Theatre Preview: Lyceum 2008/09 Season, Royal Lyceum, Edinburgh

8 Jun

Royal Lyceum Theatre

Whenever I add a post to itsonitsgone.com about the Lyceum, visitor numbers to the blog go up. That’s not the reason I’m adding another one (though it’s nice to know theatre is alive and well in Edinburgh): it’s because they recently announced their 2008/09 Season shows.

Kicking things off is a new version of Macbeth from Friday 12 September – Saturday 11 October. Shakespeare’s “Scottish play”, a tale of power, ambition and the supernatural will be directed by Lyceum newcomer Lucy Pitman-Wallace, while Liam Brennan will be playing Macbeth. The play is a co-production with Nottingham Playhouse.

Next up is JM Barrie’s Edwardian ghost story from 1920, Mary Rose, from Friday 24 October – Saturday 15 November. Telling of a mother searching for her lost child with ghostly consequences, this is perfect viewing on a long winter night.

Arthur Miller’s The Man Who Had All the Luck (Friday 16 January – Saturday 14 February) remained a virtually unknown play for nearly fifty years until its revival in 2000. Set during the Depression, the play is a moral drama that questions the American Dream and centres around David Beeves, who is seemingly immune to disaster and wonders when his luck will catch up with him.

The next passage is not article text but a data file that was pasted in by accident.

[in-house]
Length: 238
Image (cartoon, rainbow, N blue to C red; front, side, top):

From Charles Ludlum comes The Mystery of Irma Vep, from Friday 20 February – Saturday 14 March. According to the Lyceum, the play takes its lead from tales of gothic romance, and is a fast-paced parody of the genre, mixing in references to novels and films such as Rebecca, The Hound of the Baskervilles, The Mummy, Frankenstein and Dracula.

Sam Shepard presents a comic dissection of the corruption of American values in Curse of the Starving Class from Friday 20 March – Saturday 11 April. On a run-down Californian farmstead an alcoholic husband and a philandering wife are each scheming to sell off their family home without the other’s knowledge, whilst their children struggle to come to terms with the reality of the world they’ve been born into.

Finally there’s Michael Frayn’s Copenhagen (Friday 17 April – Saturday 9 May), a drama in which the mysterious actions of German physicist Werner Heisenberg in 1941 are pored over and questioned intensely.

The above summaries don’t do the plays full justice but I’ll be covering them in more depth as each approaches.

Meantime, remember that tickets for the season go on sale on 1 August, so make sure you make a note to log on to the Lyceum website on the day – tickets could start to go fast.

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